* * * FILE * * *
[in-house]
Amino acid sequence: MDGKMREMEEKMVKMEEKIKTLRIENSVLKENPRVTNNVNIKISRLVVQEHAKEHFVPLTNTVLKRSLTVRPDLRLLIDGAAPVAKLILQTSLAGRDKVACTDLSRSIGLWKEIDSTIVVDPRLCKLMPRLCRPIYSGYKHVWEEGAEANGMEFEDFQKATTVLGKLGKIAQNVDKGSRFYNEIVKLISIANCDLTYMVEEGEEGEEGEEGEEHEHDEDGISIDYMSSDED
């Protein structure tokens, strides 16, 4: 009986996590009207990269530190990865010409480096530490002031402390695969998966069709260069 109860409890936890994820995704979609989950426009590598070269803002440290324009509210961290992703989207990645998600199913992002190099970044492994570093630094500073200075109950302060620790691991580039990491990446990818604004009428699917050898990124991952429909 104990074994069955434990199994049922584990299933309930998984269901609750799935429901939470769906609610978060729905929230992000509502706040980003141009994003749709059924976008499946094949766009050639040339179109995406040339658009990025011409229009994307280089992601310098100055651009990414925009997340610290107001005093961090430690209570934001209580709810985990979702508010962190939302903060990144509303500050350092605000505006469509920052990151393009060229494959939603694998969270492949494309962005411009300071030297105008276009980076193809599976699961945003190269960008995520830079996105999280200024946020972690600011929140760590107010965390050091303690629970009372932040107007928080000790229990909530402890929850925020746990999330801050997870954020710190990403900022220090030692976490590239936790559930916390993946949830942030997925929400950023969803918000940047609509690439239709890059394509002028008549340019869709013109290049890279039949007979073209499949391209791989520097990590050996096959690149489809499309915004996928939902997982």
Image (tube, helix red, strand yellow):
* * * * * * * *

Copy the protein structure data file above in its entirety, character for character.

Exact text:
[in-house]
Amino acid sequence: MDGKMREMEEKMVKMEEKIKTLRIENSVLKENPRVTNNVNIKISRLVVQEHAKEHFVPLTNTVLKRSLTVRPDLRLLIDGAAPVAKLILQTSLAGRDKVACTDLSRSIGLWKEIDSTIVVDPRLCKLMPRLCRPIYSGYKHVWEEGAEANGMEFEDFQKATTVLGKLGKIAQNVDKGSRFYNEIVKLISIANCDLTYMVEEGEEGEEGEEGEEHEHDEDGISIDYMSSDED
């Protein structure tokens, strides 16, 4: 009986996590009207990269530190990865010409480096530490002031402390695969998966069709260069 109860409890936890994820995704979609989950426009590598070269803002440290324009509210961290992703989207990645998600199913992002190099970044492994570093630094500073200075109950302060620790691991580039990491990446990818604004009428699917050898990124991952429909 104990074994069955434990199994049922584990299933309930998984269901609750799935429901939470769906609610978060729905929230992000509502706040980003141009994003749709059924976008499946094949766009050639040339179109995406040339658009990025011409229009994307280089992601310098100055651009990414925009997340610290107001005093961090430690209570934001209580709810985990979702508010962190939302903060990144509303500050350092605000505006469509920052990151393009060229494959939603694998969270492949494309962005411009300071030297105008276009980076193809599976699961945003190269960008995520830079996105999280200024946020972690600011929140760590107010965390050091303690629970009372932040107007928080000790229990909530402890929850925020746990999330801050997870954020710190990403900022220090030692976490590239936790559930916390993946949830942030997925929400950023969803918000940047609509690439239709890059394509002028008549340019869709013109290049890279039949007979073209499949391209791989520097990590050996096959690149489809499309915004996928939902997982």
Image (tube, helix red, strand yellow):